Federal public service minister Ben Morton says he won’t “dictate from on high” a minimum number of days he expects APS staff to be in offices, instead wanting their place of work to be based on productivity.
He also acknowledges flexible working arrangements could open doors to future consideration about longstanding thoughts within the Coalition about decentralising parts of the public service.
The Australian Public Service Commission has left it up to individual agencies to decide how much flexibility staff should be given to work from home, in a move that Morton supports.
“I am not going to command or dictate from on high a minimum number of days you must be in the office. Every occupation in the APS is slightly different; it would be absurd for me to do that,” Morton told The Mandarin.
“My expectation is that where there are productivity gains to be had, I see no reason why an employer would not encourage flexible working arrangements and agree to it.”
But the default setting of working from home because of the pandemic should be a thing of the past, Morton says.
“I want working from home to be a thing of the future; as it was before COVID. But I want it to occur where there is a conversation between the employee and the employer about how to best make that work for them,” he said.
“Some occupations will require work from the office all the time [and for] some occupations in the APS, it would be much more flexible.”
Australian public service commissioner Peter Woolcott told The Mandarin last month that flexibility would continue to be “part of the way we work in the future” but there was a strong sense “we need to return to normal”.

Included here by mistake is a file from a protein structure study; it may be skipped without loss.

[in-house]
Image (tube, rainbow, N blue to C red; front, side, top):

The most recent APS census shows that 75% of respondents believe their requests for flexible work arrangements will receive reasonable consideration, while 13% say their employer will not reasonably contemplate their request.
Morton acknowledges efficiencies are also driven by face-to-face interaction with work colleagues.
“I do fundamentally believe that humans are social beings,” he said.
Asked whether a future of remote working could open up opportunities for decentralisation of government departments from major cities, Morton said this was something the government would consider.
“My colleague Bridget McKenzie is strong on the issue of decentralisation and I think that there are new opportunities post-COVID how we can do this more,” he said.
“I do think that we have seen a greater use of telecommunications and other remote working technologies that could facilitate not just individuals working in a more decentralised way, but entire teams being able to work together but not necessarily being centralised in a capital city location.”